Crypto Profits and Taxes

Tips for Reporting Income and Managing Your Tax Obligations

Cryptocurrencies can be bought and sold on online exchanges and can also be used to purchase goods and services from merchants who accept them as payment. However, the value of cryptocurrencies can be highly volatile and subject to market fluctuations, making them a high-risk investment. It is important to do thorough research and understand the risks before investing in cryptocurrencies.

In Australia, you generally need to pay tax on any profits you make from cryptocurrency investments. This is because The Australian Taxation Office (ATO) treats cryptocurrency as an asset for tax purposes, and any gains you make from buying and selling cryptocurrency are generally considered to be capital gains.

We advise clients to keep accurate records of all cryptocurrency transactions, including the date of purchase, the purchase price, the date of sale, the sale price, and any other relevant details. This will help us calculate your capital gains or losses accurately when preparing your tax return.

The sorts of records you should keep include:

  • receipts of purchase or transfer of cryptocurrency;
  • exchange records;
  • records of agent, accountant, and legal costs;
  • digital wallet records and keys;
  • software costs related to managing your tax affairs.

Those who sell an asset – including property, shares, crypto, or NFTs – are required to calculate any capital gain or loss and record it on their annual tax return. The capital gains tax (CGT) is calculated based on the difference between the asset’s sale price and its purchase price.

If you hold cryptocurrency for more than 12 months, you may be eligible for the capital gains tax (CGT) discount, which means that only 50% of the capital gain is added to your assessable income for tax purposes. However, if you hold cryptocurrency as part of a business or as a sole trader, you may need to pay income tax on any profits you make.


Example 1:

John buys 1 Bitcoin for $10,000 AUD on January 1, 2022, and sells it for $15,000 AUD on March 1, 2023.

Calculation of CGT

Sale Price: $15,000

Purchase Price: $10,000

Capital Gain: $15,000 – $10,000 = $5,000

As John held the Bitcoin for more than 12 months (i.e., more than the CGT discount threshold), he is eligible for a 50% CGT discount.

CGT Discount: $5,000 x 50% = $2,500

Taxable Capital Gain: $5,000 – $2,500 = $2,500

John needs to include $2,500 as a taxable capital gain in his income tax return for the financial year in which the sale took place.


Example 2:

Sarah buys 10 Ethereum for $5,000 AUD each on July 1, 2021, and sells 5 Ethereum for $12,000 AUD each on December 1, 2022.

Calculation of CGT

Sale Price: $12,000 x 5 = $60,000

Purchase Price: $5,000 x 5 = $25,000

Capital Gain: $60,000 – $25,000 = $35,000

As Sarah held the Ethereum for less than 12 months, she is not eligible for the CGT discount.

Taxable Capital Gain: $35,000

Sarah needs to include $35,000 as a taxable capital gain in her income tax return for the financial year in which the sale took place.


It’s important to note that these examples are for illustrative purposes and do not take into consideration other factors such as deductions, offsets, and individual circumstances that may affect the final CGT calculation. It’s recommended to seek professional advice from a qualified accountant or tax professional to accurately calculate CGT and ensure compliance with Australian tax laws.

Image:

Whilst many think that only tracking gains is essential, losses are equally important. Losses can prove extremely useful in the future as they can be carried forward and act as a capital gain offset against future gains.

If you mine cryptocurrency as a business activity, the value of the cryptocurrency mined is considered assessable income and is subject to income tax. Deductions may also be claimed for expenses incurred in the mining process, such as electricity costs and equipment depreciation.

If you receive cryptocurrency as payment for goods or services, it’s treated as ordinary income at the time of receipt and subject to income tax based on the AUD value of the cryptocurrency at the time of the transaction.

Cryptocurrency is generally not considered as money or foreign currency for Goods and Services Tax (GST) purposes in Australia. However, GST may apply to certain transactions involving cryptocurrency, such as buying goods or services with cryptocurrency or exchanging cryptocurrency for Australian dollars.

As per ATO guidelines, if you buy, sell, or exchange cryptocurrency with a value of $10,000 AUD or more, you may have reporting obligations under the Anti-Money Laundering and Counter-Terrorism Financing Act. This includes registering with AUSTRAC, verifying customer identities, and reporting certain transactions.

To ensure compliance with tax laws and regulations and maximise the value of your assets, seeking advice from an accountant is highly recommended. Our tailored solutions and expert advice can assist you in meeting your tax obligations, optimising the value of your digital assets, and ultimately creating wealth through smart investment strategies*. Don’t leave your cryptocurrency tax matters to chance – let us help you navigate the complexities of crypto taxation and create wealth.


*Disclaimer: We do not provide financial planning, investment management, or related services. Any mentions of these areas signify that they are outsourced to our network of licensed professionals. We strongly advise consulting a qualified licensed professional within our trusted network for personalised advice in financial planning, investment management, or related services.